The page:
This week's Bay Hill Invitational was in danger of becoming just another ho-hum event, a decent battle down the stretch, but with perhaps no defining moment to make it memorable for years to come. And then Greg Owen stepped onto the 17th green Sunday. Owen hadn't made bogey all day and was one stroke ahead of Rod Pampling heading to the penultimate hole. After knocking his shot from the greenside bunker to 3 feet, 4 inches, Owen missed his par effort then spent less than seven seconds readying himself for the two-foot comebacker for bogey. The result? A putt that lipped around the diameter of the cup but failed to fall in, leaving him with a double-bogey and a share of the lead after Pampling made a bogey of his own. "I felt very calm," Owen later said. "It was just a lapse of concentration. Stupid." It will be an indelible image for years to come, one that Owen may find hard to live down.
Of course, Owen still had a chance to win on the final hole, needing to make par to match Pampling and send Bay Hill to a playoff. Though it may not remain etched in our memories as much as his three-jack on the previous hole, Owen's effort was a testament to his competitiveness. Standing over a lengthy par putt, Owen made what he thought was a perfect stroke ... and once again saw it hit all of the cup without falling in. Afterward, he chalked it up to the "golfing gods," but Owen will go to sleep Sunday night -- and for many other nights until his first PGA Tour win -- knowing he was inches away from winning for the first time.
Despite Owen's gaffe and subsequent misfortune, let's not forget to praise Pampling, who claimed his second career tour victory Sunday. Perhaps this win will help to erase a famous bungle of his own; although he won The International two years ago, entering this week Pampling was still most widely known as the guy who shot even-par 71 to lead the 1999 British Open at Carnoustie, only to follow with a second-round 86 to miss the cut. Owen can only hope that the golfing gods reward his blooper in similar fashion.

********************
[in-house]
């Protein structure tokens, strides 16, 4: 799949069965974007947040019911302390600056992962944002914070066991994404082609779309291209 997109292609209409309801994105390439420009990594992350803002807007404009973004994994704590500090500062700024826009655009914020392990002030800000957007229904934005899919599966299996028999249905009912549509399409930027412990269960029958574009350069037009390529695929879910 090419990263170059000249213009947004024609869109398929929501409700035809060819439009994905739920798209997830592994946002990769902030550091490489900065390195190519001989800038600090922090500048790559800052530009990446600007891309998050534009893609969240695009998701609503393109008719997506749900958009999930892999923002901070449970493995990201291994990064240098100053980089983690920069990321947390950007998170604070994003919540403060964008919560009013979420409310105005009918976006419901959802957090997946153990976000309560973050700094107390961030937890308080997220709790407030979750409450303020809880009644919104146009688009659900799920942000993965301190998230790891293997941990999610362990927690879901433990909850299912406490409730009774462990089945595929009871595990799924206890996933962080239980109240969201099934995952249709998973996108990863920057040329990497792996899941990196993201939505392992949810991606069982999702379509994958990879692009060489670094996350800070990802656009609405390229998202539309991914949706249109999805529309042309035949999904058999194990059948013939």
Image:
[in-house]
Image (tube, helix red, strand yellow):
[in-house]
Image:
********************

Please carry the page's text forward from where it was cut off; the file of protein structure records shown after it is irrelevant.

Woods' T-20 Bay Hill finish was a surprise in itself (he won the event each year from 2000-'03), but paired with Annika Sorenstam's result it's big news. The women's No. 1 player finished T-19 at the LPGA's Safeway International, meaning this was the first time each top-ranked player finished outside of the top 10 in the same week since May of last season. Of course, it's not exactly like they were way off that week; Woods finished T-11 at the Wachovia Championship and Sorenstam was T-12 at the Michelob Ultra Open.
What's gotten into Robert Allenby? Never a short hitter, the Aussie has really stepped up his length off the tee this year, averaging 309.3 to rank fourth on tour entering the week. By comparison, last season he averaged only a 297.7-yard driving distance, which ranked 33rd, and was just below 295 in 2004. At Bay Hill, Allenby averaged 303.4 yards off the tee (ranking fifth in the field), riding his newfound distance to a fourth-place finish.